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Reproductive health

Involving men to change gender stereotypes

von Bismark Acheampong

Heutzutage

In many African societies, sexual reproductive health issues remain a contentious topic – so it is also in Ghana. The situation is worse among males who are often unwilling to get involved in reproductive health issues of their partners due to social and cultural norms.

Men are often brought up in a gender-stereotypical way which takes on negative and dangerous interpretations. Many men feel shy, embarrassed and uncomfortable to talk about and get involved in reproductive health issues. Moreover, most communities in Ghana raise males with a mindset of “manhood” rooted in male chauvinism. For many young men, their understanding of masculine gender roles revolves around a show of macho and some degree of violence and aggression.

A 24-year-old Ghanaian male who prefers anonymity says that “women should know themselves and how to take care of themselves. We are troubled with our jobs, how to make money to support the home and make ends meet.” He thinks that reproductive health is a women’s issue, that they can handle themselves. He adds: “In fact, there are many health experts today who can help the women while exercising confidentiality.”

There is need to change this mindset and encourage males to be more involved in reproductive health, which extends to maternal and child health. Women and girls face multiple challenges because males who are the salient drivers in reproduction and sexuality avoid responsibility. Many females complain of lack of emotional and financial support from their male partners during pregnancy, family planning, prenatal and postnatal care. Pregnant women and girls still must do their domestic work which endangers their health.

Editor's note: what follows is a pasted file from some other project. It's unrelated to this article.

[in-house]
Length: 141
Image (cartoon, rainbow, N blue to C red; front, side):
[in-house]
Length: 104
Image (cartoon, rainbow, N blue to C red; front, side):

Sandra Waterwood, a 23-year-old female university student at Kwame Nkrumah University of Science and Technology says: “As women, we build trust with our partners without shame or prejudice and get assisted. However, most men pretend ignorance when our reproductive concerns are raised. They feel it makes them pliable and judge themselves as misfits leaving the burden on us alone.”

There is need for sensitisation to encourage men to become open and overcome gender stereotypes. Moreover, male involvement in women’s health would help reduce prevalent challenges such as spread of sexually transmitted infections and diseases like HIV/AIDS. “Menstrual health and ‘safe periods’ as well as family planning need male involvement in order to build support systems for women and girls,” Sandra says.

UN agencies continue to encourage state parties to fight gender stereotypes. Historically, the 1994 International Conference on Population and Development held in Cairo drew attention to the need for male involvement in maternity care. It called for the inclusion of men as partners and role players in maternal health care. The recommendations of the conference were adopted by the Ghana Health Service in a strategic plan. It involves males especially in programmes aimed at promoting maternal health at the household and community levels. Despite this efforts, much more needs to be done.


Bismark Acheampong is a Ghanaian writer.
bismarkacheampongkwasi@gmail.com